Why “Strong is the New Sexy” is a Problem

Instagram is making me sick lately.

Every “fitness” account is filled with half naked people flexing their guns or sticking their butt out.

If these pictures were posted in any other context they’d be deemed inappropriate. But because the account has “fitness” in the name, or there are a few #fitfam or #fitspo hashtags in there, it somehow becomes okay.

I don’t get this.

In defending these posts people will say they’re just proud of their body and are trying to “inspire others”. Frankly, I think that’s garbage. We all know why these photos get posted. Their goal is not to help others.

A lot of these posts have captions like “Strong is the New Sexy” or something along those lines.

And I believe this is a problem.

“Fitness” and “Sexy” Are Two Different Things

I get it. For years we (especially women) were told that we had to be skinny to be attractive. We were sold on the idea that big was bad and small was good.

So yes, it’s nice to see that we’ve changed our minds on this and that the focus has become on building lean, muscular bodies. That’s not my issue – I believe this is a fantastic goal and should be almost everyone’s focus as we age.

My issue, then, is that we are still associating our health and fitness with “sexy”.

And it breaks my heart.

I believe this idea that being fit means being sexy is the reason why the fitness industry is so messed up right now.

I believe it’s the reason why people look for short cuts, try crash diets, and jump from program to program.

When the goal is something non-quantifiable like “to be sexy”, it’s pretty hard to find a clear path to achieving it. So we try diet after diet, workout routine after workout routine and end up going nowhere.

Maybe you lost a few pounds. Maybe your waist shrunk. Maybe you can run a bit farther… but are you “sexy”?

Hard to say. Better try something new.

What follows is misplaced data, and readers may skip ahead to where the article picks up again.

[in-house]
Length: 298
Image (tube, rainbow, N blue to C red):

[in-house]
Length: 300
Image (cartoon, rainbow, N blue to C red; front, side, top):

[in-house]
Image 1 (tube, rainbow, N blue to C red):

What’s been lost is what really makes pursuing fitness a worthwhile goal – the improvements we see in every aspect of our life.

We aren’t talking about living pain free and being full of energy. The fact that eating right and exercising are the true fountain of youth never get mentioned. Posts on how fitness makes friendships and family ties stronger are few and far between. Nobody is talking about the increase in self confidence or life lessons fitness provides.

I can’t remember ever seeing a social media post that read, “Finally got that promotion! Big shout-out to my kettlebell for teaching me patience and perseverance!”.

Instead, we get bathroom selfies.

Stop Worrying About How You Look

Health and fitness are not about how you look. Fitness is so much more than physical appearance, and we need to stop equating the two.

Fitness is about living a better all around life. Not how others perceive you.

Sure, most fit, healthy people look good, but not everyone that looks good is fit or healthy. They are not the same thing.

Exercising with the goal of “looking better” is meaningless. You can’t quantify it, there’s no way of knowing if you’re on track, and you’ll never be happy or healthy.

You need to stop thinking about your fitness journey as a way to be “sexy”. And once you do, the results will just come naturally. I promise.

In our Spartan SGX programs we put zero focus on weight loss, muscle gain, or anything like that. We just try to get better – try to become better athletes – and the rest takes care of itself.

Stop worrying about your weight. Stop examining yourself in the mirror every day. Stop following and comparing yourself to weirdos on Facebook and Instagram.

You’re better than all that.

Pick a smart, healthy goal and attack it with everything you have. Try to get stronger, run farther, do more push-ups, or lift more weight. These are goals you can measure and actually achieve.